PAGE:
Our Event Catalog provides general information about our recurring programs
1:00 pm - 8:00 pm Event Details & Registration
The Walden Woods Project, Lincoln Massachusetts
Join the Walden Woods Project to co-create an index of all of the animals mentioned in Thoreau’s Journals! Like Ray Angelo’s Botanical Index, this will become a valuable resource to Thoreau scholars for years to come.
Reasons to join us:
- Researchers around the world will benefit from this resource.
- Everyone who contributes to the Animal Index will be recognized when it is completed and made public!
- Hot chocolate, tea and goodies will be served.
- Experience the rare fire in the Walden Woods Project’s Great Hall walk-in fireplace!
- You can come for as much—or little—as you are able!
- Share some winter camaraderie with fellow Thoreauvians.
- We only have 3-1/2 volumes left to index and we fully expect to finish at this Blitz! We are planning a champagne toast when we are done!
(If you can’t join us in person, there is the possibility of participating remotely—note on the registration form where it asks about remote participation.)
What can I expect at the Animal Index Blitz?
- Each participant will be assigned a certain number of pages, depending on how much time they have, of Thoreau’s journal to read (accessed on-line).
- As participants read, they will be asked to note any mention of an animal. We will provide instructions and a list of Frequently Asked Questions.
- We have a limited number of desktop computers for participants to use; if you have a laptop, please bring it, so more people can participate at a time!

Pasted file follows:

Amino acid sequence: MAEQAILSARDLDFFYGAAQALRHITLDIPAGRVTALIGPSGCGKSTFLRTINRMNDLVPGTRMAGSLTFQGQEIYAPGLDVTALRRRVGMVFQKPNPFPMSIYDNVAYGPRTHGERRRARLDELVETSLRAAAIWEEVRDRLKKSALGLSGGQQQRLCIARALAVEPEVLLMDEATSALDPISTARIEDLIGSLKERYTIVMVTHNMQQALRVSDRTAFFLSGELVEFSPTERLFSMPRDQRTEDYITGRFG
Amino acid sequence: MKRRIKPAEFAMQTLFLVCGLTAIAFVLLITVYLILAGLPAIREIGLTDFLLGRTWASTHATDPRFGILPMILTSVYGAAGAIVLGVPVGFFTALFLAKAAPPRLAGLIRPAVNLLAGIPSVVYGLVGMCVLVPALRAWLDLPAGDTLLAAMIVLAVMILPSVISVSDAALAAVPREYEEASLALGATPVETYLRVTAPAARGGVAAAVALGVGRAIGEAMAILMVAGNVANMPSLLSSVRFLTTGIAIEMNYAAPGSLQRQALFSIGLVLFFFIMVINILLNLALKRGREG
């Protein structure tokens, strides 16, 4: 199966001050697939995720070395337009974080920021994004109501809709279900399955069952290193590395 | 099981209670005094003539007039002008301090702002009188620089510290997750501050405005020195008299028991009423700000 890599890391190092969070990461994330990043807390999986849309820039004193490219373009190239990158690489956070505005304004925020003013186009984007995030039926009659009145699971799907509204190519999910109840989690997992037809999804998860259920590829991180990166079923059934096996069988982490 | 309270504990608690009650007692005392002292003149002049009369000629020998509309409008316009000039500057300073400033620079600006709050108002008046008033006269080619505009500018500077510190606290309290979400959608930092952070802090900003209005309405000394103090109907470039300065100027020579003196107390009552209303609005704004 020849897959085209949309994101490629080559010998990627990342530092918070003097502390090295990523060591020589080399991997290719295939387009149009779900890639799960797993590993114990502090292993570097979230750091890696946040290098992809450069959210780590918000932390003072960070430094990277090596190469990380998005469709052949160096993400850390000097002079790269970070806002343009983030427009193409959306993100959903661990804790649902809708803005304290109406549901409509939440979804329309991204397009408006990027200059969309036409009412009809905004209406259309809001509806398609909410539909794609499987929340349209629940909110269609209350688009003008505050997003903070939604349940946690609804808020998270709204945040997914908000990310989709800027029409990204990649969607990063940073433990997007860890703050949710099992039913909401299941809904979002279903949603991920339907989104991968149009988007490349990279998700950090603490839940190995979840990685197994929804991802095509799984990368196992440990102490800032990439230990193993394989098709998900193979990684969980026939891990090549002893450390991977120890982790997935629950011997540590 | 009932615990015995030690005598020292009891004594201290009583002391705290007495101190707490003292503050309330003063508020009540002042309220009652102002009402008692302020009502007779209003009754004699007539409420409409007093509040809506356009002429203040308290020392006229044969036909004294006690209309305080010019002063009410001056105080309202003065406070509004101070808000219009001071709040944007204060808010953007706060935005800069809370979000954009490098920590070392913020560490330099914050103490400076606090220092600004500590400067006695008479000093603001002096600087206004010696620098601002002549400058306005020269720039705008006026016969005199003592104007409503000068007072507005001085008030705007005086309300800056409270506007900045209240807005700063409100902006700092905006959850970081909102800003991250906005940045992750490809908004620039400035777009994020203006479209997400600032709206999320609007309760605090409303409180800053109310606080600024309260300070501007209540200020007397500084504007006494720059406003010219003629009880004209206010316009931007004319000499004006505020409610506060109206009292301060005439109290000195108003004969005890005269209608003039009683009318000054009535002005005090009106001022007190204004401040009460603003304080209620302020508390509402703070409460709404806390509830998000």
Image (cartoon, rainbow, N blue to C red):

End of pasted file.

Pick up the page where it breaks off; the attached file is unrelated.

Contact Whitney Retallic, Director of Education, with questions.
Here are some photos from our last two Animal Index Blitz events.
7:00 pm - 8:30 pm Event Details & Registration
Walden Woods Project, Lincoln MA
The Walden Woods Project invites you to join us for our new Reading Circle! Open to the public, we will read and explore works by Thoreau as well as authors whose work contributes to an even deeper examination of Thoreau’s ideas.
At our first Reading Circle, on February 26, we will discuss:
- “Civil Disobedience,” by Henry David Thoreau
- “Slavery in Massachusetts,” by Henry David Thoreau
- “Letter from a Birmingham Jail,” by Dr. Martin Luther King, Jr.
We will have some questions prepared to start the discussion and encourage participants to bring their own! Walden Woods Project Curator of Collections and Thoreau scholar Jeff Cramer will join us to provide biographical and historical context to the conversation.
Wine, refreshments, and non-alcoholic drinks will be offered.
The Reading Circle is FREE to attend. Pre-registration is not required, but is requested to help us plan (and we will send you one pdf file with all of the readings, if you register!).
7:00 pm - 9:00 pm Event Details & Registration
The Walden Woods Project, Lincoln Massachusetts
The Walden Woods Project invites you to a special musical performance!
“Of Nature Composed”
Thursday, March 5, 2020
7:00 PM (Doors open at 6:30 PM; wine and cheese reception will follow)
FREE, but pre-registration is required
The Aurea Ensemble will perform “Of Nature Composed,” which explores the intersection of nature, science, the arts and humanities, and the sanctity of our environment. “Of Nature Composed” includes the words and music of 2014 Pulitzer Prize winner, John Luther Adams; American composers, Charles Griffes, John Cage, Lou Harrison, and Charles Ives; with words of naturalist Henry David Thoreau, American contemporary Pulitzer Prize winning poet Galway Kinnell, and Ted Kooser.